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  2. I did a similar calculation of reported past vote in Vaughan and it looks to me like the sample there has a lot more reported Tory votes than they actually got last October and the Liberals and NDP are both significantly undersampled by past vote...could be interesting to actually weight by actual past vote!

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  3. That NDP result for K-W is interesting....

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  4. Vaughan:

    Reported 2011 vote: Lib 46.2%, PC 37.4%, NDP 7.6%, Green 2.7% and Other 6.1%

    Actual 2011 vote: Lib 52.6%, PC 31.0%, NDP 11.2%, Green 1.4% and Other 3.0%

    something is rotten in Denmark...I mean Vaughan

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    1. We don't know if there was any weighting, and of course people move and mis-remember. Recall that in 2010 and 2011 the riding voted federally as well.

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    2. If people are pissed off at a given party they tend to like to think they didn't vote for them previously. Or at least not admit it to others...

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  5. Some people move and some people mis-remember - but in K-W the recalled vote is uncannily close to the actual vote - but not in Vaughan...one thing that is interesting though in Vaughan is the actual crosstab - 81% of people who voted Liberal last Oct would vote Liberal in the byelection while 11% would now vote PC. In contrast only 74% of people who voted PC last October would do so in the byelection while 18% would vote Liberal!! If I were the PCs I would be very concerned that in an environment where the Liberals are supposedly very unpopular and where a popular incumbent in stepping down and people have a risk-free chance to register a protest by voting PC - the Liberals are retaining a higher percentage of their voters from last year than the PCs are!

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    1. Keep in mind a lot of people may have voted Tory because they had a popular incumbent. Those PC voters switching to Liberals could just be the loss of the incumbent's advantage.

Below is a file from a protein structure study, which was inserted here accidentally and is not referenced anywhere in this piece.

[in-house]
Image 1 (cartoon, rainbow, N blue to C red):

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    2. Yeah, but voter mobility is likely to be a lot higher in Vaughn than in K-W, given the explosion of new developments in Vaughn.

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  6. I assume that the results of the poll are accurate, for the moment in time that they were taken. What is interesting to me on top of that, however, are momentum and organization.

    In KW, it seems like the momentum is mostly with the NDP. Catherine Fife, according to my information, is a vastly stronger candidate for them than they had ever run before, anywhere in the KW region. It is quite possible that, as the electorate takes stock of that fact, that more people could consider her as their preference in the coming weeks.

    At the same time, the NDP in KW would normally have a very weak organization. This time, they will have all the workers from other ridings that they need, so they could end up pulling a much higher percentage of their voters out to the polls than normally.

    In a very close race, these factors could prevail.

    Or not!

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  7. >> Catherine Fife, according to my information, is a vastly stronger candidate for them than they had ever run before

    That would be difficult given that she was the NDP's candidate in 2007. The NDP seems stuck at 17% over the last two elections. The polls suggest that this number has nearly doubled to 30%. Colour me doubtfull.

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    1. "Stuck at 17%" is hardly accurate. They were at 17% from in two elections. Compare that to 2003, the NDP got 10.94%, and in 1999 got 6.1%. What this actually indicates is that the campaign was likely not very strong in K-W in 2011, and/or that the candidate wasn't very strong. Given the trend of growth from 1999-2003 and 2003-2007, you really can't say "stuck" at 17% based on only one election. If this by-election yields 17%, you'll have a better argument.